Studio Ceramics. Net. Annie Turner (British, b.1958).. Hand-built stoneware with lithium glaze, h 33 x w 50 x d 34 cm.

    Given by Nicholas and Judith Goodison through the National Art Collections Fund.

    CF: Your work is much sought after and collected worldwide.  It can be seen in permanent museum collections including the Victoria and Albert Museum and the Fitzwilliam Museum in Cambridge and you have recently been shortlisted for the Loewe Craft Prize 2019.  How does this make you feel as an artist?

    AT: Of course, I am delighted. I have many colleagues and friends who work with clay, we all work extremely hard. Having my work displayed alongside the likes of Gillian Lowndes amongst others is hugely gratifying. I just wish my parents were still alive to see it.


    Eel Keeps, hand built stoneware, approximately 30 x 9 x 4.5 cm


    CF: Which artists particularly inspire you and why?

    AT: No artist in particular although I do love going to exhibitions. It’s poetry really, I love the economy of words and this is something that I try to achieve in my own work paring down the visual language. For me, less is more!


    Claws, handbuilt stoneware, approximately 7 x 13  x 29 cm

    CF: We love it when we are approached by past ceramic students of yours at our exhibitions.  They are extremely passionate about your work and it is evident from speaking to them that you have a huge impact on everyone you have taught at City Lit. Do you feel this enriches your work and if so in what way?  

    AT: That’s very nice to hear. Teaching is always an enriching experience, it’s a privilege. I meet people from all walks of life and different parts of the world. When talking to students I often hear myself talking back to myself! A reminder of ‘things’ forgotten. Ceramics is such an expansive, complex subject. I often hear myself saying to students I DARE YOU! It gives them permission to fail, which of course they don’t.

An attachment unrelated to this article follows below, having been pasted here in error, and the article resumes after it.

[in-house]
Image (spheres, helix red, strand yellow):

Mussel Box and Sieve, handbuilt stoneware, approximately 15cm H


    CF: Tell us one piece of advice you give aspiring ceramicists?

    AT: You need dogged determination and passion. You need to take every opportunity to get your work seen and invest in professional photography when you can afford it.

    Installation shot from Cavaliero Finn’s Pop up Gallery in Herne Hill featuring a set of three ladders by Annie Turner, positioned alongside moon jar by fellow Loewe Craft Prize finalist, Akiko Hirai and paintings by Gill Rocca.


    CF: Before we end this interview can we ask, what’s next for you?

    AT: I’m preparing for a one-person show at the Ruthin Craft Centre in Wales in 2021. I have always wanted to show there, its a wonderful centre for all the crafts.


    Works by Annie Turner